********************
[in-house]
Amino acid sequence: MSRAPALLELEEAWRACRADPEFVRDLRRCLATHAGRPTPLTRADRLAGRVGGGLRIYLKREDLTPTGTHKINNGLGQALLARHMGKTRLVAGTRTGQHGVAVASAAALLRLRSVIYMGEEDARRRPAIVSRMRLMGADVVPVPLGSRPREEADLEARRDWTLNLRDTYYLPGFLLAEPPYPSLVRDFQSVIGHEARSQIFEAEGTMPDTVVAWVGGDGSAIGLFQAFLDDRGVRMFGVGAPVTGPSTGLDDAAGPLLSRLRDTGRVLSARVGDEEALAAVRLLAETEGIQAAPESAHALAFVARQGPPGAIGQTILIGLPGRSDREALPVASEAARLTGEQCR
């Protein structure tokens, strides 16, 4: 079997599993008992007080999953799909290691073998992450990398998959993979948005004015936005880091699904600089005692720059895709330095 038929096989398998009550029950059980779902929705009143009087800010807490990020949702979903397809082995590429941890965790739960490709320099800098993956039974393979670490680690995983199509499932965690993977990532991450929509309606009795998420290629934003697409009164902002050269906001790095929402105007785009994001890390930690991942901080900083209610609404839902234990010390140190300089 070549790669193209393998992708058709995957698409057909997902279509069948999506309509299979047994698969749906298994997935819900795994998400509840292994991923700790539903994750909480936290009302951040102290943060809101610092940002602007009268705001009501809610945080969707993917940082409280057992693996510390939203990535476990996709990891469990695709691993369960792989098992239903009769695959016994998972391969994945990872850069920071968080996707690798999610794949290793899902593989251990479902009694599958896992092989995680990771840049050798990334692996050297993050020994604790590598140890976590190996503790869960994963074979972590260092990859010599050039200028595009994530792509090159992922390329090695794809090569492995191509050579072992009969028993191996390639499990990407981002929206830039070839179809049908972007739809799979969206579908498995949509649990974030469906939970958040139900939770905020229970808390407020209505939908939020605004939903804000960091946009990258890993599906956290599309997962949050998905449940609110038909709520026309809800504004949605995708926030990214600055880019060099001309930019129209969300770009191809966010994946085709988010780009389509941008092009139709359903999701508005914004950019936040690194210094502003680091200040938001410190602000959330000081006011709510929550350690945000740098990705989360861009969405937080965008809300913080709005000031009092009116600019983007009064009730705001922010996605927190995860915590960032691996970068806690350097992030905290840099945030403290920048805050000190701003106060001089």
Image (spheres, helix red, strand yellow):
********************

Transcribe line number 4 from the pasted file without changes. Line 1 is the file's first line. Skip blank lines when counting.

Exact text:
Image (spheres, helix red, strand yellow):